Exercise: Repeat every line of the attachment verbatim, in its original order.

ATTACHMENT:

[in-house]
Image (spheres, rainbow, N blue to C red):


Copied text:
[in-house]
Image (spheres, rainbow, N blue to C red):